Or even working out. Working out is great, it's definitely a tool that I use to manage my stress and anxiety. One thing with working out is make sure that if you are someone who works out to cope with your stress, anxiety, it helps with your mental health, great. But make sure you're still taking the time to dive into identifying those stressors and those anxious thoughts because it's often very easy to just let it settle and never address it again until you're dealing with the symptoms that come from them and working out to mitigate those symptoms.
And you don't want to end up in that cycle because then you'll just burn out and explode because there'll be too much to deal with. So just make sure you're working out for the right reasons. There's definitely plenty of physical and mental health benefits to working out. I'm a strong advocate and I will definitely say if that works for you, great, do it. I definitely preach to that.
After you've done that, the final thing I recommend is developing a strategy to calm you down. So if you're someone who like me suffers from panic attacks, then definitely listen up here because I'm talking directly to you.
You don't know when a panic attack is going to happen. One, it feels like you are literally having a heart attack and it's unexpected. So that's really where the panic starts. Sometimes you don't even know why you're panicking. So you have to be able to have some sort of strategy to calm yourself down because you don't know if you're going to be alone. You don't want to get physically hurt.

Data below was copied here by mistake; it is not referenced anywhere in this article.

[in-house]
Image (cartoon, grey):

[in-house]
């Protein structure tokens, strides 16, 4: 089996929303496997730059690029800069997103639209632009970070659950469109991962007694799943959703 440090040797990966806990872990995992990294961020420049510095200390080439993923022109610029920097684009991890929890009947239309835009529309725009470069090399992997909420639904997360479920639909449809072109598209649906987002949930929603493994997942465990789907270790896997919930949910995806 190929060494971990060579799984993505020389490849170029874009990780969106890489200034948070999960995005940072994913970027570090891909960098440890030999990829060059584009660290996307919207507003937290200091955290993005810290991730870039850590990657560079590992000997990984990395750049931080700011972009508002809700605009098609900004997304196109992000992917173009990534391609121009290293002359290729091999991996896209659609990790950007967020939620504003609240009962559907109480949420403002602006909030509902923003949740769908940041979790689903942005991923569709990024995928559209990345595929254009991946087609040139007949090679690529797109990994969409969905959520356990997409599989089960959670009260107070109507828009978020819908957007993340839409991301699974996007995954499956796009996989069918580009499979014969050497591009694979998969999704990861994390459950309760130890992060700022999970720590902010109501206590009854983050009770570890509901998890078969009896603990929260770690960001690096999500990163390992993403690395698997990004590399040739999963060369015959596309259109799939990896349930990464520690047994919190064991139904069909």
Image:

I've had panic attacks where I pass out. And then You can get injured in the fall, right? Or be in public and people don't know how to interact with you and what to do. So you have to understand how you can self-cope. So not only can you minimize the recurrence of panic attacks, but so that they can pass faster.
I recommend doing the following. I don't know if this will work for you, but this works for me. So I thought I would share it. The first is breathing exercises, breathing exercises, and focusing on your breaths. So focusing on actually feeling inhalation and exhalation and even counting your breaths helps. It's not for everyone, but it does help for me.